The longer the covid is with us, the more it seems John Calvin had a point. The 16th-century theologian and autocrat had a dismal view of human nature, writing in his Institutes of the Christian Religion that "perversity in us never ceases, but constantly produces new fruits."
These days, it's not the most stylish perspective.
But Lord, is it ever on the money.
I am reminded of this after reading a sociological study that found that exposing white Americans to information about racial disparities in health care lessened their empathy for those who suffered from the covid. It also lowered their fear of the disease and reduced their support for safety precautions against it.
Simply put, the more white people believed the covid was a problem for Black people and people of color, the less they cared about it.
That held true across the board for participants. Being a political conservative increased the effects, but even white liberals showed the same basic trend. The conclusions are as terse as they are grim:
Publicizing racial health disparities has the potential to create a vicious cycle wherein raising awareness reduces support for the very policies that could protect public health and reduce disparities.
The more you know, the less you care.
That's not quite true, fortunately.
Although participants reacted most negatively when fed articles emphasizing racial disparities in health care, the authors point out those articles don’t touch the history or causes of those disparities.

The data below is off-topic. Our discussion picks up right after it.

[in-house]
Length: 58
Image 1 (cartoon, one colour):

Evidence suggests people understanding the background of inequality react with more empathy and support greater measures to correct it.
Still, it's hard to escape the conclusion that once again, Whitey is cutting off his nose to spite his face.
It's in the nature of pandemics to be universal. Protecting other people is eventually a form of protecting ourselves. It might be natural to participate in "downward comparison," feeling more satisfied with one's current situation when compared to that of the less well-off, but it's ultimately not helpful as a disease sweeps across the nation.
Social scientists say downward comparisons and distancing oneself from others are a coping mechanism in response to threat. If I can convince myself the covid is somebody else's problem, it makes it easier to go about my day-to-day life, shriven of anxiety and fear.
So far, so natural – even if unpleasant.
Where things really take a turn toward the perverse is when underlying biases begin to seep out. For example:
During oral debates over the legality of Wisconsin's shelter-in-place order in May 2020, Governor Evers cited the 1,200 percent increase in COVID-19 cases within two weeks in one county. Wisconsin Supreme Court Chief Justice Roggensack interjected, arguing that the increase was isolated to the meatpacking plant and that it was not “just regular folks” (Flynn, 2020). Thus, the Chief Justice dismissed the outbreak among meatpacking plant workers (who are predominantly people of color) as irrelevant to the debate.
Once a policy question gets framed as a question of identity, it becomes very difficult to move people from their initial position.
Indeed, that's what we might be seeing in Wisconsin and many other states, where white rural areas show little, if any, interest in the covid vaccination or safety precautions.